Scott Earl Holman | Don't Wake The Kids

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Don't Wake The Kids

by Scott Earl Holman

Progressive jazz in low volume and controlled environment capitalizing on communication between the players. esoteric but very melodic compositions.
Genre: Jazz: Traditional Jazz Combo
Release Date: 

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  Song Share Time Download
1. The Lord's Cause
9:44 $0.99
2. Intro (Bass)
0:28 $0.99
3. Noble One
5:51 $0.99
4. Intro (Piano)
1:15 $0.99
5. His Children Dance
7:29 $0.99
6. The Thought
3:53 $0.99
7. Marching in His Band
10:12 $0.99
8. Waiting to See
2:50 $0.99
9. The Smile
2:11 $0.99
10. Intro (Piano)
1:39 $0.99
11. The Face of God
9:07 $0.99
Downloads are available as MP3-320 files.


Album Notes
Crumblehead Records presents the release of Scott Earl Holman's groundbreaking cd 'Don't Wake The Kids' (origionally issued Southport Records 1998 in local markets) Remastered for a fresh new sound ! ! 'Don't Wake The Kids' (completely re-mastered for this release) is a fresh sound from Chicago and is recieving new attention from those who enjoy artists like Herbie Hancock, Chick Corea, Keith Jarrett, etc. It is the subtle and moody answer to Chic Corea's 'Now He Sings Now He Sobs'. It remains a cult favorite for those in the know. Comprised of all origional material that speaks to the future of jazz. 'Noble One', may be the most beautiful jazz ballad composition of this decade. This cd opens with 'The Lord's Cause' which sets the mood and tone of things to come and features a melody ( in 3/4 time) which, at certain points stresses the second beat of the measure for those who enjoy a challenge. While 'Marching In His Band' combines complex harmonies and song structure with gentle snare drum rolls. The musicianship is flawless, inspired and futuristic. Scott Earl Holman is a Chicago jazz musician. This trio with Pawel Jarzebski and Rusty Jones continues to raise the bar for progressive jazz, in a low volume, controlled environment.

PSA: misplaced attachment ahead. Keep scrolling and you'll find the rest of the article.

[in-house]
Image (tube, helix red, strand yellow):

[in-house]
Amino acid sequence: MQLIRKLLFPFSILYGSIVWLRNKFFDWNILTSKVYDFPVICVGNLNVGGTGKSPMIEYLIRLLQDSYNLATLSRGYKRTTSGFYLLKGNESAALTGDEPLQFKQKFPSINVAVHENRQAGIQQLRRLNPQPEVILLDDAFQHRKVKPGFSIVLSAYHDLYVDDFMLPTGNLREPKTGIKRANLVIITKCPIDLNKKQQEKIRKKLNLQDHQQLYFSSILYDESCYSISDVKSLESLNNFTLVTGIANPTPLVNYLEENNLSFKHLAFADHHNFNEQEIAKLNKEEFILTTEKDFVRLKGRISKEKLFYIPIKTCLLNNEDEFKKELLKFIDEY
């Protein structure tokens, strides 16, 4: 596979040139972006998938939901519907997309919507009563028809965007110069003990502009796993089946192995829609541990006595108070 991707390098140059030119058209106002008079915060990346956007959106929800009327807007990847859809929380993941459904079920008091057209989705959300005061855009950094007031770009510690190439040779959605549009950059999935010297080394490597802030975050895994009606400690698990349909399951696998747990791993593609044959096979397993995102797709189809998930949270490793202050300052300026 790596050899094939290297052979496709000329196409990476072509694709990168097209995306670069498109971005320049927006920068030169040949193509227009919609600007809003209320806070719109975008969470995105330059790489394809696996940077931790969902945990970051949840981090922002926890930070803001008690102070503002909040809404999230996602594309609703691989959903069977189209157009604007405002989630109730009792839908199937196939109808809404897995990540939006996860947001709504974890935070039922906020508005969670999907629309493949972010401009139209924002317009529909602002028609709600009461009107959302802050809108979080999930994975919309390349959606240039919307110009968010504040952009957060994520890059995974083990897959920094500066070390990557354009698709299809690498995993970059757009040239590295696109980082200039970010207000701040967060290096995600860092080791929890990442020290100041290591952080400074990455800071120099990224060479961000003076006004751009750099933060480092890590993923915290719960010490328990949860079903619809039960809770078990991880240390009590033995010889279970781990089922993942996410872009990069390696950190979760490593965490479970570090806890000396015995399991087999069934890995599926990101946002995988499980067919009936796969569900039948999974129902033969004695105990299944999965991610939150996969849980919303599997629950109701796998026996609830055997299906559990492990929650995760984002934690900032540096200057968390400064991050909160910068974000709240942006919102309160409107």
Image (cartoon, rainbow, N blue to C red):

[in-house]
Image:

Helen Simons _ JazzXpress Community Radio BayFM 99.9 Australia

A small masterpiece waiting to be discovered. Scott Earl Holman touches every key with pure magic. The bass & drums embrace the melody & rhythms with sensitivity and grace. This is one album to be cherished.
Richard Good
Radio One 91 FM New Zealand
Thoughtful and ambitious. A challenging conception, successfully excecuted. A commendable variety of textures and rhythms. A record review, and airplay across several programmes of radio One's Jazz Junction.
apr - may - june 2008

... nice piano trio record..... pianist Scott Earl Holman restlessly probing melodies..... quiet,
funky elegance , intelligent playing .

JAZZ DIMENSIONS (Germany _ by Carina Prange ) Nov.9,'07
'..... evoking atmospheric change through small shades. Whether it concerns trio pieces or solo piano- excursions like "The Thought", it's always clear: Holman is a master of the small, fine tones. One that delicately interweaves stories knows, what it has to say and yet must never raise the voice. The natural authority makes it speak. This album is an exceptional, subtle work. Carina Prange
(see full review in german below at bottom of page)
All About Jazz Magazine (Oct.2007 Vol.5 No.9)San Fransisco, Los Angeles, Chicago editions
by George Harris
'If your idea of jazz heaven is Chick Corea's 'Now He Sings Now He Sobs' or '60s Herbie Hancock, then Scott Earl Holman will guide you to the pearly gates.'
CHCR Canadian Homegrown Community Radio
by Schroeder (Oct.12,2007)
'Hmm... As a jazz pianist myself, I can appreciate this cd very much. Its originality is out-the-roof. Scott is top-notch and world-class, maybe even in a class by himself.'
Perrichon Jacques
RADIO PLURIEL 91.5 ......
Scott Earl Holman bonjour, thank you for such a nice album I really enjoyed. I already added it to my WJAZ broadcast playlist on RADIO PLURIEL 91.5FM in France, plus worldwide INTERNET via our web site, You can see my last 25/06/07 broadcast playlist on the WJAZ blog also: Kind regards, Jacques Perrichon for WJAZ.

Ilan Oz
Radio Judaica , Brussels.......
Some music is good enough to wake the kids... that surely applies to the current album. I am now listening and enjoy/appreciate it very much. Indeed, excellent album! ...
From : Ilan Oz
Date : Jun 24 2007
Subject : Re: Dont Wake the Kids